University of Cambridge > Talks.cam > British Antarctic Survey > The role of pinning-points, marine ice and subglacial channeling in defining the buttressing strength of the Roi Baudouin Ice Shelf, Antarctica

The role of pinning-points, marine ice and subglacial channeling in defining the buttressing strength of the Roi Baudouin Ice Shelf, Antarctica

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Within the coastal belt of Dronning Maud Land, many ice shelves, which are freely floating otherwise, reattach to localized highs in the bathymetry on the ice-shelf front. These localized pinning-points exert a buttressing force, which typically slows down the ice shelves farther upstream. Our interest is to quantify this buttressing effect, and to determine as to whether or not, the comparatively small pinning-points can play a decisive role in defining the mass balance of tributary glaciers.

We consider the Roi Baudouin ice shelf, which is laterally confined by two large ice rises, and pinned on the ice-shelf front by a small ice rumple. It buttresses the western Ragnhild glacier. On the ice-shelf surface, satellite imagery reveals a number of elongated surface depressions, which are aligned along-flow and which correspond to a sub-ice shelf channeling system. We present the results of two consecutive field seasons which were geared at unraveling the combined effect of ice rumple and subice-shelf channels on the ice shelf’s buttressing strength.

Around 130 km of multi-frequency radar profiles map the channeling as well as the basal interface of the pinning point. We observe strongly dipping internal layers within the surface depressions and a firmly grounded ice rumple. Data from a 20×25 km wide GNSS strain net is extended spatially on a 50 m grid with the help of satellite derived surface velocities. Six wide-angle radar surveys within the research grid show that the depth-averaged density varies spatially on scales that are smaller than the grid size in commonly applied Antarctic-wide firn densification models. The density variations are significant, and need to be taken into account when comparing the hydrostatically inverted GPS thickness with the measured radar thickness.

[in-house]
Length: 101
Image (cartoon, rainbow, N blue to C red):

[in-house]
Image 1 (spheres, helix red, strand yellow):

Notwithstanding the ice-rumple’s small extent (1-2 km), the combined strain rates show a shear zone which extends all the way back to the grounding line and emphasizes the importance of pinning points in ice-shelf dynamics. The comparison of GPS heights with radar thickness reveals a marine ice layer, with a variable thickness, particularly in the pinning-point’s vicinity. The sub-ice shelf channels extend vertically more than half of the ice thickness, which potentially makes the channels more susceptible to horizontal shearing as they approach the pinning point. The combined data set illustrates that the ice-shelf properties are non-homogeneous, and we hypothesize that this results in a spatially variable effective viscosity which needs to be taken into account in ice-flow modeling.

This talk is part of the British Antarctic Survey series.

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